THERE are times when it seems a barbecue is less a way of cooking than a ritual in which we give thanks for a sunny afternoon. Men solemnly pull on the uniform of the barbecue high priest – the comedy apron – to indulge a primeval instinct requiring us to do heroic battle with smoke and fire, while trying not to turn the burgers and sausages into burnt offerings.
The first rule of barbecuing is to take the macho out of it. “The primary misconception is that men instinctively know how to barbecue,” says Raymond van Rijk, the Kiwi king of barbecue-ing who has written books on the art and travels the world giving barbie masterclasses. “They think they can do it, then they throw on every bit of meat at once without any knowledge or thought for times and flavour, and destroy everything.”
The common refrain of barbecue party poopers is that you may as well just bung everything under the kitchen grill and eat it outside if you must, for all the difference it makes to the food. They of course miss the point that that cramming your friends into a tiny, smoke-filled back yard really is a pretty good way to celebrate summer. But they also fail to appreciate that barbecue food cooked properly is magical, infused with wood-smoke flavours impossible to achieve indoors.
To enhance that smoky flavour, throw woodchip onto the coals (or into a smoke box on gas barbecues). Different woodchip produces different flavours – in America, old Jack Daniels oak barrels are sought after for this – but van Rijk says even DIY shop woodchip will do, as will branches pruned from fruit trees in the garden. Ensure the wood has been dried, then soak it in water for 20-50 minutes (to stop it from simply burning up), and throw it on the charcoal. You can further use dry-climate herbs like rosemary, sage and thyme, and spices like cloves and nutmeg, to add extra exoticism to the smoke.
That won’t prevent anyone serving up food burnt black on the outside and raw in the middle, however – something usually due to a mistaken assumption that everything requires maximum heat. There’s the fail-safe method of partially cooking things in the oven first and finishing them on the barbecue, but van Rijk says that, used correctly, a barbecue should be versatile enough to cook things properly, and you don’t have to resort to the expensive, gas-powered cheats’ versions.
“Charcoal tastes so much better than gas,” he says. “If you pile the charcoal higher on one side and low on the other, you’ve got the heat differentiation you need to cook things pretty accurately. Just forget about getting everything ready at the same time, there’s no point.”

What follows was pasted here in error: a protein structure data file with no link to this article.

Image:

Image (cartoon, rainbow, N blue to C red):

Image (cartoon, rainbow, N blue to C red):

Good planning is all – knowing what you’re cooking, how you’re going to cook it and when, which means that barbecues in which guests bring their own items for you to cook are doomed to failure. Take control, says van Rijk, and experiment a bit. For instance, many barbecues come with hoods, but most of us don’t know how to use them. Van Rijk divides things into direct and indirect cooking: smaller cuts and items like burgers and sausages are cooked directly over the coals, while bigger items such as a whole chicken or large fish are cooked on a lower heat with the hood closed and the coals piled at the sides, creating an oven effect. Try some lid-down cooking, but leave it alone when it’s down, since opening it repeatedly achieves nothing but dropping the temperature.
When it comes to food preparation, the most important thing is the quality of the ingredients. But avoid also the common pitfall of overdoing the marinade. If you’re only marinating for flavour rather than to tenderise the meat, leaving it in the fridge overnight will overpower the taste of the meat itself. A few minutes is enough to coat the meat in ingredients that, when cooked properly on the barbecue, become the very taste of summer.
Raymond van Rijk is taking part in Toast Festival 2009, a celebration of New Zealand, Australian and South African culture, on Clapham Common from 27-28 June. See: www.toastfestivals.co.uk